… see, now you’ve gone and got my creative ideas flowing again after a few months off! Looking forward to the rest of the updates as you delve deeper into each section of the “Adventurers Companion”
Given the number of possible starting points for a hero, and the number of possible branches he could take with experience, I don’t think you’ll ever get to the end of the permutations possible. Also, I didn’t mention that spell selection is partially random, which stops people from having a fixed “best” approach, thereby encouraging folk to explore the many, many possibilities instead.
Each Downtime you deal a new selection of locations to choose from, so they change each time. I’d like to link locations to specific places in the story, though that would make them less useful overall. Certainly, if you were designing your own adventure I’d encourage you to do that sort of thing as it helps build your own group’s version of Mantica.
Can you please rename “Air Elemental” to “Sylph” (or something similar)? If you’re gonna have Naiad, Dryad and Salamander as options then “Air Elemental” really stands out like a sore thumb for not having a mythological name. =S
If you look at forces of nature,
earth: gnome, -> earth elemental -> greater earth elemental
Air: -> sylvan kin (which includes fauns, dryads, sprites and will’o’wisps) -> air elemental -> greater air elemental
Water: -> Niaids -> water elemental -> greater water elemental
Fire: -> Salamanders -> fire elemental -> greater fire elemental
nature: (I actually think fauns and dryads should be here) ->forest shamblers -> tree herder
@ Hiro I see your point now, missed that one when reading hero classes, so yes Slyph or sprite would be more appropriate to hero class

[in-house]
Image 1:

Yup. The Air Elemental wasn’t originally included, but we realised that we had 3 out of 4 of the elementals, so it made sense tho add her too. Air Elemental is my WIP name as I didn’t have any reference for her proper name in the world of Mantica. It should get changed to something better.
Ah excellent! Here I was thinking this was more or less already decided and hard to change. Thanks Jake 😀 I’m super excited to play this game!
if using names like salamder or gnomes for elementals, why not using the correct name for every elementals? .-)
“Correct”? Mythical creatures tend to have a number of alternative names from varying cultures, so I don’t think any one of the names of fictional beasties can be said to be more correct than another. Consistent, perhaps, but correct?
That said, I’m told that they’re called Sylphs in Mantica 🙂
My response was based on mantica lore rather than traditional lore
Excellent! I was just going by the list I was given 🙂
Out of curiosity, why is “Abyssal Dwarf” a bestiary family and not just “Abyssal”, especially given that there is an Abyssal expansion pack?
The Abyssal expansion pack doesn’t have any Abyssal Dwarfs in it.
Excellent update!!! Thanks for putting in the effort and taking the time to share this, Jake 🙂
Thanks Jake. Sounds great! I was wondering, are the cards for all 60 spells/30 magic items in the base game, or does the count include the expansions as well?
This count is the current list for the Adventurer’s Companion, not the core game or expansions.
Wow. Thanks Jake. I’d just figured the Advanced rules would make use of spells in the core game and expansions – didn’t realize others would be added (though I guess it makes sense if you think about, with the new rules and all). Very intrigued.
Each of the expansions will add a few more spells too.
Very exciting read. Thanks Jake! 🙂 The DIY heroes sound great. I’m glad the book seems to concentrate more on the heroic side of adventurers rather than villainous hero groups. While it could be fun to have an Abyssal Dwarf Decimator, Goblin Beastmaster, Twilight Kin Sorceress and a Human Abyssal worshiping cultist trying to stop a bunch of good guys getting some powerful magic artifact, I would imagine there’d be a lot of playtesting to keep those balanced against the hero parties. Maybe that could be something for Adventurers Companion Vol.2 (if there’s plans for one down the line), but as a whole, from my experience, 9 out of 10 parties will be heroic.